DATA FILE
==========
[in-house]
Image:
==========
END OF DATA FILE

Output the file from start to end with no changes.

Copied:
[in-house]
Image: